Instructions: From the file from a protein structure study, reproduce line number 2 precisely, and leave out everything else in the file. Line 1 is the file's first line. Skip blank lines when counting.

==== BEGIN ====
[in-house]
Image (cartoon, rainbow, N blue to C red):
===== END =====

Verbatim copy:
Image (cartoon, rainbow, N blue to C red):